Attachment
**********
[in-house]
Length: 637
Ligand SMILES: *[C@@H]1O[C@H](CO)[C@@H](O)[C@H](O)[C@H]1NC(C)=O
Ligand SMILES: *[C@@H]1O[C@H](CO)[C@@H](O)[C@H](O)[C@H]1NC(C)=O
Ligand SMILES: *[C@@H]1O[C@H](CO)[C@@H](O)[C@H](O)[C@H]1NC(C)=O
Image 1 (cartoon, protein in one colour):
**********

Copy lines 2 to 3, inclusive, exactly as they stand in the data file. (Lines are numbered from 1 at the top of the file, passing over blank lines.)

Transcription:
Length: 637
Ligand SMILES: *[C@@H]1O[C@H](CO)[C@@H](O)[C@H](O)[C@H]1NC(C)=O